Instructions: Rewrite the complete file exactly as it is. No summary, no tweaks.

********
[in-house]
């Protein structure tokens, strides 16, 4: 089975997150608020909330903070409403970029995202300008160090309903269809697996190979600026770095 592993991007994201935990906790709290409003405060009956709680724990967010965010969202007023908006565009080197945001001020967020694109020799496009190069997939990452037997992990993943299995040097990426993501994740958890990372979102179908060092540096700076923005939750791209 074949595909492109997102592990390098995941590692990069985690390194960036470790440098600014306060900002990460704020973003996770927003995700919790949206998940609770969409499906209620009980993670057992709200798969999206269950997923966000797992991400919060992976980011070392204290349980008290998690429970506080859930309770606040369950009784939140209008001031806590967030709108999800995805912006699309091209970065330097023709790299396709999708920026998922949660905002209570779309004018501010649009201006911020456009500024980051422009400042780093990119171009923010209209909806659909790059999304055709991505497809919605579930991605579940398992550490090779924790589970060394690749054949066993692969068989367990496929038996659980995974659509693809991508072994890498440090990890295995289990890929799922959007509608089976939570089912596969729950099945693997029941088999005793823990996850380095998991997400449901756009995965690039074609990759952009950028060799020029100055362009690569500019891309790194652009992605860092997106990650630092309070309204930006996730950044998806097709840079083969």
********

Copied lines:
[in-house]
């Protein structure tokens, strides 16, 4: 089975997150608020909330903070409403970029995202300008160090309903269809697996190979600026770095 592993991007994201935990906790709290409003405060009956709680724990967010965010969202007023908006565009080197945001001020967020694109020799496009190069997939990452037997992990993943299995040097990426993501994740958890990372979102179908060092540096700076923005939750791209 074949595909492109997102592990390098995941590692990069985690390194960036470790440098600014306060900002990460704020973003996770927003995700919790949206998940609770969409499906209620009980993670057992709200798969999206269950997923966000797992991400919060992976980011070392204290349980008290998690429970506080859930309770606040369950009784939140209008001031806590967030709108999800995805912006699309091209970065330097023709790299396709999708920026998922949660905002209570779309004018501010649009201006911020456009500024980051422009400042780093990119171009923010209209909806659909790059999304055709991505497809919605579930991605579940398992550490090779924790589970060394690749054949066993692969068989367990496929038996659980995974659509693809991508072994890498440090990890295995289990890929799922959007509608089976939570089912596969729950099945693997029941088999005793823990996850380095998991997400449901756009995965690039074609990759952009950028060799020029100055362009690569500019891309790194652009992605860092997106990650630092309070309204930006996730950044998806097709840079083969």